this is my code:

struct Entity{
    address _address;
    uint data;

   Entity[] entityArray;

function addEntityArray(uint _data)  public returns(uint){
    entityArray.push(Entity((msg.sender), _data));
    return entityArray[(entityArray.length) - 1].data;

to update a struct in this array at any point in time, i will need to keep track of the address and the index of it using MAPPING right? or i have to loop everytime which is costly in gas... how to tackle this issue in the best way possible?

  • are you sure you need an array? why not a mapping from address -> data?
    – Majd TL
    Commented Oct 26, 2021 at 7:29
  • I did use the structure you suggested, but for another use case, I need an array to loop through and do some work // or return an array of those objects
    – anthony422
    Commented Oct 26, 2021 at 8:37

1 Answer 1


Yes, the easiest way to update a single instance of the array is for every address that invokes addEntityArray() to store the index of the struct.

The mapping would look like this:

mapping(address => uint) public addressesEntityIndex;

Note: it is better to store the index to the struct, not a whole struct because it is cheaper.

The updated function would look like this:

function addEntityArray(uint _data)  public returns(uint){
    Entity storage newEntity = Entity(msg.sender, _data);
    uint entityIndex = entityArray.length;
    addressesEntityIndex[msg.sender] = entityIndex;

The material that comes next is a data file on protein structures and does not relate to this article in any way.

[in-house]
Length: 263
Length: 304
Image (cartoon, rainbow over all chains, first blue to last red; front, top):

return entityArray[entityIndex].data;

Note: I slightly modified your function's design, it will cost a bit more gas but it is more human-readable.

And finally, you define a function that will update:

function updateEntityArray(uint _data) public {
    uint addressEntityIndex = addressesEntityIndex[msg.sender];
    entityArray[addressEntityIndex].data = _data
  • looks good, but when u declared "newEntity" why did u put it in storage? if you make it Entity memory newEntity = Entity(msg.sender, _data); it would be much cheaper
    – anthony422
    Commented Oct 27, 2021 at 6:42
  • 1
    Yes, but if you declared it in memory the moment you addit to the entityArray (entityArray.push(newEntity);) it will be added in the storage and now you have it once in memory and once in storage where as if you declared directly to storage you omit the memory declaration. Commented Oct 27, 2021 at 7:27
  • 1
    ohhh, very true! i forgot about the refference and copy between storage and memory. thanks alot for the answer!
    – anthony422
    Commented Oct 27, 2021 at 14:52
  • you are welcome. dont forget to upvote :) Commented Oct 27, 2021 at 15:00
  • 1
    i did but dont have enough reps :D once i do it'll appear
    – anthony422
    Commented Oct 28, 2021 at 6:34

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